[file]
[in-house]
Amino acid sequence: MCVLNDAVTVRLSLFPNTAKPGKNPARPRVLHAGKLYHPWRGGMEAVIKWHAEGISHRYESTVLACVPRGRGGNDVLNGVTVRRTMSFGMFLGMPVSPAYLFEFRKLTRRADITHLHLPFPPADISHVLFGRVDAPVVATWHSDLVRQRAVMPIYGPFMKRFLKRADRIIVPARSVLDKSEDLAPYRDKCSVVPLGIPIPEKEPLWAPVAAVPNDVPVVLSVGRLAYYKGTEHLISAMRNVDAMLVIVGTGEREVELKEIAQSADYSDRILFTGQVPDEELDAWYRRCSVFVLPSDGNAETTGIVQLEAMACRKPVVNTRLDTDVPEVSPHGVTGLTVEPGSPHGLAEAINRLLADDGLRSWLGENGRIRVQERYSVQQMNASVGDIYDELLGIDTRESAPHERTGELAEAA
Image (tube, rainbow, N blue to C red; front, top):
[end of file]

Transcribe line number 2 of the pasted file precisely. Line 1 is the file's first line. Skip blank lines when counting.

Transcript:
Amino acid sequence: MCVLNDAVTVRLSLFPNTAKPGKNPARPRVLHAGKLYHPWRGGMEAVIKWHAEGISHRYESTVLACVPRGRGGNDVLNGVTVRRTMSFGMFLGMPVSPAYLFEFRKLTRRADITHLHLPFPPADISHVLFGRVDAPVVATWHSDLVRQRAVMPIYGPFMKRFLKRADRIIVPARSVLDKSEDLAPYRDKCSVVPLGIPIPEKEPLWAPVAAVPNDVPVVLSVGRLAYYKGTEHLISAMRNVDAMLVIVGTGEREVELKEIAQSADYSDRILFTGQVPDEELDAWYRRCSVFVLPSDGNAETTGIVQLEAMACRKPVVNTRLDTDVPEVSPHGVTGLTVEPGSPHGLAEAINRLLADDGLRSWLGENGRIRVQERYSVQQMNASVGDIYDELLGIDTRESAPHERTGELAEAA